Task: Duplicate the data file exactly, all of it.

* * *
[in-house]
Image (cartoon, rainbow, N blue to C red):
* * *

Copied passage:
[in-house]
Image (cartoon, rainbow, N blue to C red):